Lawyers have recently come under growing pressure. New restrictive legislation on the licensing of lawyers has been enforced and lawyers working on politically sensitive cases have been subjected to intimidation, harassment and criminal prosecution. The case of lawyers Buzurgmehr Yorov and Nuriddin Mahkamov is of particular concern. Following a closed trial, both men were given lengthy prison sentences last October on extremism and other charges, which were initiated against them after they defended political opposition members. In addition, several other criminal cases have been brought against Yorov on questionable grounds, resulting in that his prison term has been extended to a total of 28 years. His lawyer and family members have been subjected to pressure.
Ahead of the Asiada, an international sports competition taking place in Ashgabat in September 2017, the Turkmenistani authorities have gone to great lengths to ensure that nothing spoils the image of the country in the eyes of the foreign visitors. In doing so the authorities have taken measures restricting fundamental rights.
The president has repeatedly stressed what he considers to be the obligation of the country’s state-controlled media to focus on reporting positive developments and achievements of the regime, including with the respect to the Asiada. While the preparations for this competition have resulted in various restrictions targeting residents, this has not been covered in national media.
The authorities have pledged to ensure that Asiada visitors have unrestricted access to high-speed internet. However, for citizens, internet access remains restricted, slow and expensive. Many foreign news sites, social media sites, and online communications apps continue to be blocked. A statement made by the president in October last year, calling for preventing the spread of “false” information on the internet during the Asiada, triggered reinforced measures by security agencies to prevent the dissemination of information critical of the government. Internet users were summoned for questioning after taking part in social media discussions and warned to stop using these sites on threat of arrests, travel bans, dismissal from their jobs and other repercussions.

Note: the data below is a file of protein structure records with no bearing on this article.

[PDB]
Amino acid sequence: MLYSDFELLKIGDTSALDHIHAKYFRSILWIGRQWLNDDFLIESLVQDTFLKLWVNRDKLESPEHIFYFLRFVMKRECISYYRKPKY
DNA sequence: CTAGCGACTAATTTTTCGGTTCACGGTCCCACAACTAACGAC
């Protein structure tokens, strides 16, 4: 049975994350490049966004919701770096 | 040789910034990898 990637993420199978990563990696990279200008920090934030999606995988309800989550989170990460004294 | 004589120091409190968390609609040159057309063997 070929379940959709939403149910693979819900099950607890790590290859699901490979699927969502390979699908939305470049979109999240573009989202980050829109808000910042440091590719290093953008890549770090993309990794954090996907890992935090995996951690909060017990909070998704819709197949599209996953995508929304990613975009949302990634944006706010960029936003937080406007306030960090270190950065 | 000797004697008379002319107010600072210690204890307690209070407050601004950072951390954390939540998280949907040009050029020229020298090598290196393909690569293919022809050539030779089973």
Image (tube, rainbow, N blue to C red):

The authorities have also continued to forcibly dismantle private satellite dishes used to access foreign TV and radio channels, and residents have been intimidated to dissuade them from listening to the Turkmen service of Radio Free Europe/Radio Liberty. A new wave of persecution has targeted correspondents for this service and other critical voices. RFE/RL correspondent Hudaiberdi Allashov and his mother remain under police supervision after being given suspended three-year prison sentences on charges of possessing chewing tobacco in February 2017. Torture allegations in this case have not been adequately investigated. Freelance journalist Saparmamed Nepeskuliev is still in prison after being convicted of charges of possessing prohibited drugs in August 2015. Nataliya Shabunts, an outspoken civil society activist who cooperates with TIHR, has been subjected to ongoing surveillance in recent months and in August 2017, she was assaulted in the street by a group of unknown women, who yelled racist slurs at her and told her to leave the country.[vi] RFE/RL correspondent, Soltan Achilova has repeatedly been intimidated and attacked in the past year. Most recently, she reported being warned and prevented from taking photographs in a series of incidents in July 2017.[vii]
The authorities continue to forcibly mobilize employees of state institutions, GONGO members, students and other residents for various mass events and time-consuming repetitions for such events. For example, residents have been forcibly mobilized for festivities to be held during the Asiada.
Since President Shavkat Mirziyoyev took office last year, Uzbekistan’s government has taken certain welcome steps with respect to human rights protection in the country.